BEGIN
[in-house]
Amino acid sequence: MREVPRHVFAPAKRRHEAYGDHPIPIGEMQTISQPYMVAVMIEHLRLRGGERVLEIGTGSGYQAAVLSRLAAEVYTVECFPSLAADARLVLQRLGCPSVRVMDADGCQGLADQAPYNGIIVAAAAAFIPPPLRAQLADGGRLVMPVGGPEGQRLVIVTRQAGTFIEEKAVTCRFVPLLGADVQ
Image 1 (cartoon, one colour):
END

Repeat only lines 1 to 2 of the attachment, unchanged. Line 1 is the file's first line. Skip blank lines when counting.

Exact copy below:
[in-house]
Amino acid sequence: MREVPRHVFAPAKRRHEAYGDHPIPIGEMQTISQPYMVAVMIEHLRLRGGERVLEIGTGSGYQAAVLSRLAAEVYTVECFPSLAADARLVLQRLGCPSVRVMDADGCQGLADQAPYNGIIVAAAAAFIPPPLRAQLADGGRLVMPVGGPEGQRLVIVTRQAGTFIEEKAVTCRFVPLLGADVQ